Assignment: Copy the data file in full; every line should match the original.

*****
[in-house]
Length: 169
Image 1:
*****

[in-house]
Length: 169
Image 1: